A co-worker of mine casually mentioned that he owns a beige 1989 Chevrolet Celebrity sedan. That’s enough for me to write a blog entry.
“contemporary front-drive technology”
For 1989, Chevrolet’s Celebrity mid-size sedans and wagons were little changed. The major news was that the five-speed manual transmission that (very) few bought was no longer available and that the coupe had been discontinued.
Standard power on the Celebrity remained the Tech IV 98 bhp 2.5 liter/151 ci inline four with throttle-body fuel injection. The LB6 125 bhp 2.8 liter/181 ci V6 with multi-port fuel injection was available for $610. A three-speed automatic transmission was standard on both engines, but buyers of the V6 could add a four-speed automatic for an additional $175.
With these two engines and curb weights in the 2,750 to 2,800-pound range, the Celebrity was not a fast car. 0-60 mph with the four was a little over 13 seconds, while V6 owners got to 60 mph about two seconds faster.
Mileage with the base four was 23 city/30 highway (21/28 by today’s standards) while owners of the top-of-the-line V6/four-speed automatic combination could expect 20 city/29 highway. With a 15.7-gallon fuel tank, Celebrity V6 drivers could expect a range of between 310 and 350 miles with a 10% fuel reserve.
Standard equipment on the $11,495 Celebrity (about $24,100 in 2019 dollars or about what a 2019 Chevrolet Malibu LS sedan goes for) included power steering, power brakes, 14-inch wheels on P175/75R14 tires (a size now tough to find), and a Delco AM/FM stereo radio with digital clock. Adding the V6 and the four-speed automatic brought the price up to $12,280, or about $25,700 in today’s dollars.
By 1989, Chevrolet was moving to Preferred Equipment Group option packages as a way to reduce the number of equipment combinations. The Celebrity’s option packages were:
- Air conditioning, auxiliary lighting, exterior moldings, floor mats—($931 with the 2.5 liter inline four/$957 with the 2.8 liter V6)
- Air conditioning, auxiliary lighting, exterior moldings, floor mats, power door locks, gauge package, cruise control, tilt steering wheel, and intermittent windshield wipers—($1,565 with the 2.5 liter inline four/$1,591 with the 2.8 liter V6)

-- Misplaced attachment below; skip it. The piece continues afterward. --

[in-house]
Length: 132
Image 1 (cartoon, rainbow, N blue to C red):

- Air conditioning, auxiliary lighting, exterior moldings, floor mats, power door locks, gauge package, cruise control, tilt steering wheel, and intermittent windshield wipers, sport remote mirrors, AM/FM stereo cassette with digital clock, power trunk opener, and power windows—($2,062 with the 2.5 liter inline four/$2,088 with the 2.8 liter V6)
Adding the Preferred Equipment Group 3 to a Celebrity with the V6 and the four-speed automatic brought the price all the way up to $14,368, or about $30,100 in today’s dollars.
The most glamorous option for the Celebrity continued to be the $230 Eurosport package, which included the F41 sport suspension and P195/75R14 tires (a size still available thanks to Hankook and Kumho) and 14-inch rally wheels. The exterior featured blacked out window trim and red center stripes on the protective rubber door and bumper molding; fender and trunk emblems were red rather than the standard chrome. Eurosports also featured unique red emblems on the interior door panels and dash and a black steering wheel.
Other optional equipment included two-tone paint ($55), aluminum wheels ($195), an engine block heater ($20), cloth bucket seats with a console ($257), and a six-way power driver’s seat ($250).
1989 would end up being the last year for the Celebrity sedan—the wagon would soldier on for one more year. I think of these cars as honest but basic; they aren’t really being collected, though I did see an early (1982-1985) coupe at an AACA show a few years ago. Celebrities sometimes show up for sale in the Hemmings Motor News classifieds or on eBay Motors—as I updated this entry in February 2019, there was a 1988 Gray Celebrity wagon with 24,000 (!) miles for sale in Hemmings for $6,500.
Make mine Black, I think.
Other A-bodies in this blog:
Updated February 2019.